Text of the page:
Governor-General to honour rye prof

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By Elizabeth Nyburg

Wendy Cukier never minded opening all those parcels of manure, men’s underwear and bricks.

The “gifts” came from the hundreds of people who opposed her push for stronger gun control laws, but she never let the charming packages affect her advocacy work.

For her perseverance, the Ryerson information technology management professor is being honoured this fall with the Governor General’s Meritorious Service Cross.

The medal, created in 1991, recognizes people who have worked hard in their field or brought honour to fellow Canadians. Past winners include figure skater Elvis Stojko, synchronized swimmer Sylvie Frechette and rower Silken Laumann.

Cukier, president and co-founder of the Coalition for Gun Control, said the killing of 14 engineering students in Dec. 6, 1989, at L’École Polytechnique in Montreal shocked her into her advocacy work.

Marc Lepine used a legal military assault rifle on the women before turning the gun on himself.

“I always assumed, like most Canadians, that we had good gun control,” Cukier said.

It was then that the professor, known mostly for her expertise in the telecommunications field, took on a new cause.

She joined forces with Heidi Rathjen, a survivor of the massacre, in 1991.

Rathjen, who will also receive a Meritorious Service Cross, hid in a dark room only metres from where Lepine executed his victims.

Two years later, she started a student petition for a ban on military weapons.

Rathjen quit her engineering job at Bell Canada to direct the coalition full-time and soon the pair joined fellow gun-control advocate Kathleen Hudson to hold public meetings in Edmonton, Calgary and Vancouver.

The three convinced 300,000 people to write postcards to their MPs demanding that new gun laws include the registration of firearms. By 1995, pressure from the coalition forced federal Justice Minister Allan Rock to introduce Bill C-68, which forces gun owners to register their weapons, controls the sale of ammunition and bans the sale of military assault weapons.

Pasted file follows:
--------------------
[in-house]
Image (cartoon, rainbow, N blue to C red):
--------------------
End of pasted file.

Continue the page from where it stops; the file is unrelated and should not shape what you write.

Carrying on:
During that time, the associate director of Ryerson’s school of information technology management published more than 50 papers on crime, violence prevention and advocacy approaches.

Although Cukier says she doesn’t pontificate about her “secret life” in class—the only confrontational thing she says is “I’m a real vigilante about plagiarism”—people in the Ryerson community have noticed her work.

Peter Hiscocks, a Ryerson electrical engineering professor, had been working on a camp for Grade 10 girls in 1989 called Discover Engineering, but after the massacre, he couldn’t bring himself to work on the project.

Cukier consoled him, eventually asking him to be treasurer of the coalition.

“One of her strengths is her ability to recruit people,” he said. “I think she’s a genius.”

Not everyone shares that positive attitude about her work though. Ed Quinn, a public health officer who graduated from Ryerson’s public health program in 1972, said he quit the university’s alumni association when he heard about Cukier’s advocacy.

For one thing, he thinks gun control laws are a waste of money. In February, the federal government estimated the cost of implementing and maintaining gun control laws to be $125-million.

“If they took this money,” Quinn said, “and spent it on breast cancer research, multiple sclerosis, shelters for abused women—but no, they want to waste it for limiting one of our elemental freedoms. It’s not gun control. It’s people control.”

“But some students are convinced by Cukier’s arguments.

Hesham Mansur, who took a strategic issues class that Cukier teaches and has seen her on television, said, “If you have a gun, you have to go and register it. If you don’t want to, there must be something wrong with you.”

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